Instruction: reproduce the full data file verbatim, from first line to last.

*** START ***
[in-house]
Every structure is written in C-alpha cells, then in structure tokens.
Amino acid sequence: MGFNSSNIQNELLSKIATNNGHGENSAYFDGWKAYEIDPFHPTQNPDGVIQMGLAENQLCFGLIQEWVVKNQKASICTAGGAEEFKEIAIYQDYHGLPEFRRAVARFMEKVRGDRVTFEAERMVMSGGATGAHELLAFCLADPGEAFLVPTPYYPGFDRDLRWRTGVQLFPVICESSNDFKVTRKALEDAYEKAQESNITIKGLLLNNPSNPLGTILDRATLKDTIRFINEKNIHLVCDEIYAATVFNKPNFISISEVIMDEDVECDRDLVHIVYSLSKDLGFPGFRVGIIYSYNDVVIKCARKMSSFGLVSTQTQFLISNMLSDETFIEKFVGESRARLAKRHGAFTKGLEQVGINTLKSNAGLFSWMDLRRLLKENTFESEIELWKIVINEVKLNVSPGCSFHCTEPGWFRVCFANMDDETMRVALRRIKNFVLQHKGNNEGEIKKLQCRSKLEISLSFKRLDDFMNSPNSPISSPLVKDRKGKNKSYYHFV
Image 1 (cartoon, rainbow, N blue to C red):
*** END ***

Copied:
[in-house]
Every structure is written in C-alpha cells, then in structure tokens.
Amino acid sequence: MGFNSSNIQNELLSKIATNNGHGENSAYFDGWKAYEIDPFHPTQNPDGVIQMGLAENQLCFGLIQEWVVKNQKASICTAGGAEEFKEIAIYQDYHGLPEFRRAVARFMEKVRGDRVTFEAERMVMSGGATGAHELLAFCLADPGEAFLVPTPYYPGFDRDLRWRTGVQLFPVICESSNDFKVTRKALEDAYEKAQESNITIKGLLLNNPSNPLGTILDRATLKDTIRFINEKNIHLVCDEIYAATVFNKPNFISISEVIMDEDVECDRDLVHIVYSLSKDLGFPGFRVGIIYSYNDVVIKCARKMSSFGLVSTQTQFLISNMLSDETFIEKFVGESRARLAKRHGAFTKGLEQVGINTLKSNAGLFSWMDLRRLLKENTFESEIELWKIVINEVKLNVSPGCSFHCTEPGWFRVCFANMDDETMRVALRRIKNFVLQHKGNNEGEIKKLQCRSKLEISLSFKRLDDFMNSPNSPISSPLVKDRKGKNKSYYHFV
Image 1 (cartoon, rainbow, N blue to C red):